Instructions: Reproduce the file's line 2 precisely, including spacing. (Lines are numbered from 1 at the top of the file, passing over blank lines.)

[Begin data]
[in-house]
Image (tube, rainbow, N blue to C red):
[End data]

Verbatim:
Image (tube, rainbow, N blue to C red):